European Court of Human Rights - case of A. and Others v. the United Kingdom (2009) (excerpts)

European Court of Human Rights - case of A. and Others v. the United Kingdom (2009) (excerpts)

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205. The Court has held nonetheless that, even in proceedings under Article 6 for the determination of guilt on criminal charges, there may be restrictions on the right to a fully adversarial procedure where strictly necessary in the light of a strong countervailing public interest, such as national security, the need to keep secret certain police methods of investigation or the protection of the fundamental rights of another person. There will not be a fair trial, however, unless any difficulties caused to the defendant by a limitation on his rights are sufficiently counterbalanced by the procedures followed by the judicial authorities (see, for example, Doorson v. the Netherlands, judgment of 26 March 1996, § 70, Reports 1996 II; Van Mechelen and Others v. the Netherlands, judgment of 23 April 1997, § 58, Reports 1997-III; Jasper v. the United Kingdom [GC], no. 27052/95, §§ 51-53, ECHR 2000-II; S.N. v. Sweden, no. 34209/96, § 47, ECHR 2002-V; Botmeh and Alami v. the United Kingdom, no. 15187/03, judgment of 7 June 2007, § 37).

206. Thus, while the right to a fair criminal trial under Article 6 includes a right to disclosure of all material evidence in the possession of the prosecution, both for and against the accused, the Court has held that it might sometimes be necessary to withhold certain evidence from the defence on public interest grounds. In Jasper, cited above, §§ 51-53, it found that the limitation on the rights of the defence had been sufficiently counterbalanced where evidence which was relevant to the issues at trial, but on which the prosecution did not intend to rely, was examined ex parte by the trial judge, who decided that it should not be disclosed because the public interest in keeping it secret outweighed the utility to the defence of disclosure. In finding that there had been no violation of Article 6, the Court considered it significant that it was the trial judge, with full knowledge of the issues in the trial, who carried out the balancing exercise and that steps had been taken to ensure that the defence were kept informed and permitted to make submissions and participate in the decision-making process as far as was possible without disclosing the material which the prosecution sought to keep secret (ibid., §§ 55-56). In contrast, in Edwards and Lewis v. the United Kingdom [GC], nos. 39647/98 and 40461/98, §§ 46-48, ECHR 2004-X, the Court found that an ex parte procedure before the trial judge was not sufficient to secure a fair trial where the undisclosed material related, or may have related, to an issue of fact which formed part of the prosecution case, which the trial judge, rather than the jury, had to determine and which might have been of decisive importance to the outcome of the applicants' trials.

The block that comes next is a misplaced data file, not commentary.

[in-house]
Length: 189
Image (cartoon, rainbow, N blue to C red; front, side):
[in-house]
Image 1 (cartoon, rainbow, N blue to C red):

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220. The Court further considers that the special advocate could perform an important role in counterbalancing the lack of full disclosure and the lack of a full, open, adversarial hearing by testing the evidence and putting arguments on behalf of the detainee during the closed hearings. However, the special advocate could not perform this function in any useful way unless the detainee was provided with sufficient information about the allegations against him to enable him to give effective instructions to the special advocate. While this question must be decided on a case-by-case basis, the Court observes generally that, where the evidence was to a large extent disclosed and the open material played the predominant role in the determination, it could not be said that the applicant was denied an opportunity effectively to challenge the reasonableness of the Secretary of State's belief and suspicions about him. In other cases, even where all or most of the underlying evidence remained undisclosed, if the allegations contained in the open material were sufficiently specific, it should have been possible for the applicant to provide his representatives and the special advocate with information with which to refute them, if such information existed, without his having to know the detail or sources of the evidence which formed the basis of the allegations. An example would be the allegation made against several of the applicants that they had attended a terrorist training camp at a stated location between stated dates; given the precise nature of the allegation, it would have been possible for the applicant to provide the special advocate with exonerating evidence, for example of an alibi or of an alternative explanation for his presence there, sufficient to permit the advocate effectively to challenge the allegation. Where, however, the open material consisted purely of general assertions and SIAC's decision to uphold the certification and maintain the detention was based solely or to a decisive degree on closed material, the procedural requirements of Article 5 § 4 would not be satisfied.